Charles Weerts and Dries Vanthoor became the first repeat winners of the 2021 Fanatec GT World Challenge Europe powered by AWS Sprint Cup season in Saturday’s race at Misano.
The Team WRT pairing led the 60-minute contest from start to finish after Weerts put the No. 32 Audi R8 LMS GT3 Evo on pole earlier in the day, while the result added to the Belgian duo’s victory in the season-opener at Magny-Cours.
Weerts controlled the opening stint despite pressure from Emil Frey Racing’s Albert Costa, but a slow stop for the No. 163 Lamborghini Huracan GT3 Evo cost the Swiss team several positions and gave Vanthoor a healthy eight-second advantage.
Vanthoor remained comfortably ahead of Maro Engel in the No. 6 Toksport WRT Mercedes-AMG GT3 Evo until a safety car bunched the field with around 22 minutes to go.
The safety car was brought out after Garage 59 Aston Martin driver Nicolaj Kjaergaard collided with Pierre-Alexandre Jean’s CMR Bentley Continental GT3 at the final corner.
Despite seeing his lead margin evaporate, Vanthoor kept Engel out of reach at the restart to take the win by 1.17 seconds.
Engel shared the Toksport WRT Mercedes-AMG with Luca Stolz, who started from seventh on the 30-car grid.
Stolz made a strong getaway and had advanced to fourth by the end of lap one. The German driver was in that position behind Weerts, Costa and Sainteloc Racing’s Leo Roussel when a Full Course Yellow/safety car period occurred after four minutes.
That interruption was due to a clash between Pro-Am competitors Louis Machiels and Valentin Pierburg, whose cars needed to be recovered from a gravel trap.
Shortly after the restart on 13 minutes, Stolz muscled his way past Roussel – who qualified next to Weerts on the front row – into the Turn 2 left-hander for third.
Toksport WRT then gained another place when Emil Frey Racing’s No. 163 car spent 77 seconds on pit lane, 11 seconds more than Stolz and Engel’s Mercedes and 15 more than the leading WRT Audi.
The Lamborghini’s slow stop helped Roussel, but his co-driver Christopher Haase was quickly passed by fellow Sainteloc Audi pilot Frederic Vervisch early in the second stint.
Haase then challenged Vervisch after the second safety car and drafted past to retake third place into the high-speed Turn 11 right-hander.
It marked the first podium for Haase and Roussel this season, while Vervisch and Aurelien Panis settled for fourth as Sainteloc Racing picked up a solid haul of points.
JOTA’s Ben Barnicoat and Oliver Wilkinson took fifth in their McLaren 720S GT3, but were ultimately classified 22nd after being handed a 45-second time penalty after the race for an unsafe pit release into the path of Garage 59’s Pro-Am Aston Martin.
Wilkinson was seventh after the opening stint, while Barnicoat moved up a place during the pit sequence.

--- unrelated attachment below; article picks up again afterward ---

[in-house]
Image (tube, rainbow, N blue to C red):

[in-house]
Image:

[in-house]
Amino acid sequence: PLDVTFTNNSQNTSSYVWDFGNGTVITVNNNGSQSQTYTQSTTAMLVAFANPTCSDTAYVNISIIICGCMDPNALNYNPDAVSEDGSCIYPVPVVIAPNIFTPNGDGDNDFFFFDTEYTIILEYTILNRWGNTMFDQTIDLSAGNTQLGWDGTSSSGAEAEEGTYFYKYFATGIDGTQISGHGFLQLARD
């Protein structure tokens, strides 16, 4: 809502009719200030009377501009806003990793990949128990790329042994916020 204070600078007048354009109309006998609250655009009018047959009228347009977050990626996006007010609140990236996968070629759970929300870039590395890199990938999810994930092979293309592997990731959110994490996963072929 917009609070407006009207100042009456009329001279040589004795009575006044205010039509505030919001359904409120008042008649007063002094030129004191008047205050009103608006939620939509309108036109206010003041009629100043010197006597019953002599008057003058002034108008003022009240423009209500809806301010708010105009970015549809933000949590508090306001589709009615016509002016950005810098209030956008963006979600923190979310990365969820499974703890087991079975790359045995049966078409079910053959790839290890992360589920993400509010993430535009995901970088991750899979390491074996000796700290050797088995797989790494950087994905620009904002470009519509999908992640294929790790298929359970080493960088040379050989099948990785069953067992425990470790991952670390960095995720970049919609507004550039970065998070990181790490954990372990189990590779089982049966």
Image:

Barnicoat was involved in a lively multi-car battle for the outer points positions that also included Costa’s co-driver Norbert Siedler, a pair of AKKA-ASP Mercedes-AMGs and the other two Emil Frey cars.
Barnicoat accessed the top five by dispatching Konstantin Tereschenko in the No. 87 AKKA-ASP machine at the restart.
A few minutes later, Raffaele Marciello overtook Tereschenko after the AKKA-ASP duo raced side-by-side down the back straight and through Turns 11 and 12.
Marciello put pressure on Barnicoat but settled for sixth on the road, which became fifth after the JOTA penalty.
Tereschenko ultimately finished sixth and earned the Silver Cup class win alongside his AKKA-ASP driving partner Jim Pla.
The French team’s Silver category victory came after a last-lap battle with Ricardo Feller in the No. 14 Emil Frey Lamborghini, who briefly got ahead before slipping behind Tereschenko and Pro-class Emil Frey driver Jack Aitken just before the flag.
The three Emil Frey Lamborghinis finished seventh, eighth and ninth as Siedler completed the overall top ten in the car that initially challenged for the lead with Costa at the helm.
Oscar Tunjo and Juuso Puhakka came through in tenth for Toksport WRT to secure the final Silver Cup podium place.
WRT’s Kelvin van der Linde charged into the top ten during the latter half of the race, but a late issue prevented the South African and Benjamin Goethe from scoring any points.
Pro-Am honors went to Barwell Motorsport’s Henrique Chaves and Miguel Ramos, who led most of the way in the No. 77 Lamborghini.
Ramos gained the upper hand in the early stages after pole-sitter Machiels and Pierburg clashed.
The main threat came from Garage 59’s Alexander West and Jonny Adam, who benefited from the second safety car to be right behind Chaves for the run to the line.
However, Adam was carrying a five-second time penalty due to West turning the Sky-Tempesta Ferrari around in the opening exchanges. Chaves nonetheless kept ahead of the 24 Hours of Le Mans class winner to secure Barwell’s third win of the season.
RESULTS: Misano Race 1 (Final)